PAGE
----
Queen NoMoscow's son shuns her funeral
He also failed to attend his wife's burial last year
THOUSANDS of mourners came to pay their last respects to AbaThembu Queen NoMoscow Dalindeybo, senior wife of late AbaThembu King Sabata Dalindyebo, at her funeral on Sunday.
Mourners included Cooperative Governance and Traditional Affairs Minister Richard Baloyi, Eastern Cape Premier Noxolo Kiviet, ANC secretary-general Gwede Mantashe, Local Government and Traditional Affairs Minister Mlibo Qoboshiyane, King Mpendulo Sigcawu, AmaMpondo King Zanozuko Sigcau and Western Pondoland King Ndamase Ndamase.
But the queen's son, King Buyelakhaya Dalindyebo, was not present at the funeral.
It was unclear why he had not attended.
The funeral was declared an official provincial event by Deputy President Kgalema Motlanthe and the South African flag flew at half-mast.
The kings in attendance raised concerns about unequal treatment they received from the government.
Queen NoMoscow died on June 14 at the Nelson Mandela Academic Hospital in Mthatha after suffering from renal failure. She was 73.
Controversy around the funeral began last week when King Buyelakhaya Dalindyebo rejected state aid for the rite.
The offer was made by Kiviet who, with a Bhisho delegation that included Qoboshiyane and legislature speaker Fikile Xasa, visited the king to offer their condolences.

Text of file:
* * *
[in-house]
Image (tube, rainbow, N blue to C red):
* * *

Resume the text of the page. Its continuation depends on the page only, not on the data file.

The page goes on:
During the meeting, Dalindyebo vowed to reject assistance from President Jacob Zuma if it were made.
"Zuma must not even send one of his puppets to me. The messenger might get shot. I warn you all," Dalindyebo was quoted as saying then.
"We cannot allow the government to make the fallacy that it recognised her, no. When NoMoscow was still alive she never enjoyed benefits as a queen.
"The government showed no respect for her as a royal. She died like a commoner and poor."
Dalindyebo also refused to discuss his funeral plans with the delegation.
Dalindyebo is no stranger to controversy after he failed to attend his wife Nolwazi's burial last year in what was assumed to have been a protest against the state's inadequate contribution to her funeral.